Sometimes you’re waiting for the subway when you feel eyes scooping into the back of your head like they’re looking for ice cream, or some vague sign that you’d be down to disrobe in their presence. And if you’re lucky they’re these sort of puppy-dog-ish things made more alluring by the ruggedly handsome shell surrounding them, the random assortment of scruff that doesn’t feel as curated as the other beard-yielding folk of the L Train. Instantly you’re sizing the rest of this creature up, trying to decide where this could go based on the length of his jeans (acceptable), or the choice in sock color—black, paired with rundown loafers.
You keep making jittery eyes at each other like nervous schoolchildren trying to flash each other your private parts, and really if you could see yourself you’d feel the full weight of how pathetic it is—but, also, and especially if you weren’t you, you’d find it kind of endearing. Now on board, every muscle in your face is engaged in a choreographed dance of trying to look ambivalent while also trying to show the dimmest sign of “Yes, I’d like to fuck you”—a difficult feat, for sure, and one that reads more like you have a slight twitch and a penchant for zoning out on the faces of strangers who are, occasionally, quite attractive.
But you’re not fully aware of this in the moment because you’re busy lamenting the state of your flat, too-many-days-unwashed hair and the pimple forming like a medallion of sexlessness on your chin. And you keep doing that thing that you know you really need to stop doing where you robotically tousle the piece-ier bits of hair that always fall to the right side of your face, hoping that if you caress them enough they’ll bow down to you, maybe even start to look nice. You realize now that you should have just handed your insecurities to everyone riding the train in nice little shiny-wrapped boxes. That would be more civilized, more forthright, than the awkward glancing-but-not-glancing at your reflection that you’re doing in the window, and the lost cause attempts at trying to grow an entirely new head of hair between Manhattan and Bushwick.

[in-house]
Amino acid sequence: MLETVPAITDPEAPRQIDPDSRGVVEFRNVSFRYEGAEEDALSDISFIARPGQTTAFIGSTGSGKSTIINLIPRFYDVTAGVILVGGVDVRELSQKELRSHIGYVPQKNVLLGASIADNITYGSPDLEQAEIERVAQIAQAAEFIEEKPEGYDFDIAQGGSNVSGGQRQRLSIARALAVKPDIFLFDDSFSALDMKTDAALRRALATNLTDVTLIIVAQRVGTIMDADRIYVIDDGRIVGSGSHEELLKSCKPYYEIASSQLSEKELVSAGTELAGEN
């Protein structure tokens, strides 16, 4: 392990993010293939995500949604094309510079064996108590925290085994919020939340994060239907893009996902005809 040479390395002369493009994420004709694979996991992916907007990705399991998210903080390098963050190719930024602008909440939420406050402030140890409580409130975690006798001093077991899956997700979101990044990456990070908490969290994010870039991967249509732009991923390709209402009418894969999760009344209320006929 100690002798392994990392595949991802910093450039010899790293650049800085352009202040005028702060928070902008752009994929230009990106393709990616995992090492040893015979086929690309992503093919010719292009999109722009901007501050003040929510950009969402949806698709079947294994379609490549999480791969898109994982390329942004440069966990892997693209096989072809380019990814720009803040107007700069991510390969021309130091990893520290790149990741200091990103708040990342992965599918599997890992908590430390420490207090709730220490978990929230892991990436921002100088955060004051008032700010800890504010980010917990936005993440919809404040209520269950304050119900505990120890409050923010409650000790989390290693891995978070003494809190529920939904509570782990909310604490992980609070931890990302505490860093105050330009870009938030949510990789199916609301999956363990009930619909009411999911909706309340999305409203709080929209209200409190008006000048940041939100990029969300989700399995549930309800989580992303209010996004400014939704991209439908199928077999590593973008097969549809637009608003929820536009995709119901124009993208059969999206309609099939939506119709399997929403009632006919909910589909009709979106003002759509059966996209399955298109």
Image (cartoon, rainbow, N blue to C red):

Your current apple moves his arms around so that he’s holding the uppermost rail and leaning over you slightly, giving you incredible access to the belly situation underneath his loose shirt. It is not flat, not toned, totally imperfect and looks wonderfully squishy—you think it could be a great pillow for you and your future children. You also now sense how very tall he is, and slim but not too: he looks soft in all the right places. His vague resemblance to Chris O’Dowd means he must be Irish, and you’re thrilled by this prospect, though you have no idea why.
By now his game has gotten shoddier, and he’s glancing down intermittently with a blank look on his face made irrelevant by the fact that he only ever looks at you. Your eyes connect and you try, in so many ways (which is to say: none, really), to plead with him to say something, to make this dull Thursday night a little less dull. Please make this a love story, or at least a wild two months before you stomp all over my heart with some kind of alcohol-induced rage. But your eyebrows are ill positioned for conveying this message.
Then at Montrose, one stop before yours, he gets off—the cruelest joke. And with that quick sliding of doors, the entire world you’d created for you-as-two vanishes: the Irish babies, the belly pillows…stuffed back into your brain bank for future projections. You walk home with a dead love affair weighing down your bag, and though not consummated, you feel refreshed by it, reignited by the mere possibility, even one glimpsed by your eyes alone.
Categories: Non-fiction Stories